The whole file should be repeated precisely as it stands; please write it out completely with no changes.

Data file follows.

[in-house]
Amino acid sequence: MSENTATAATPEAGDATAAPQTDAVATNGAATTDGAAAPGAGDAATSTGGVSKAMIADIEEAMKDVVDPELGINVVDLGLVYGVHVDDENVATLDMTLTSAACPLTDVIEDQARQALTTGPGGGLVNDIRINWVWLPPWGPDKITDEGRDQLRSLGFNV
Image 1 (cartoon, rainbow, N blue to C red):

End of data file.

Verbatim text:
[in-house]
Amino acid sequence: MSENTATAATPEAGDATAAPQTDAVATNGAATTDGAAAPGAGDAATSTGGVSKAMIADIEEAMKDVVDPELGINVVDLGLVYGVHVDDENVATLDMTLTSAACPLTDVIEDQARQALTTGPGGGLVNDIRINWVWLPPWGPDKITDEGRDQLRSLGFNV
Image 1 (cartoon, rainbow, N blue to C red):